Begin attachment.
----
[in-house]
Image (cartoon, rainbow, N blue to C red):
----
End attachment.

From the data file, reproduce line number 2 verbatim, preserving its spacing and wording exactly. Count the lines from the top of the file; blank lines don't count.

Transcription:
Image (cartoon, rainbow, N blue to C red):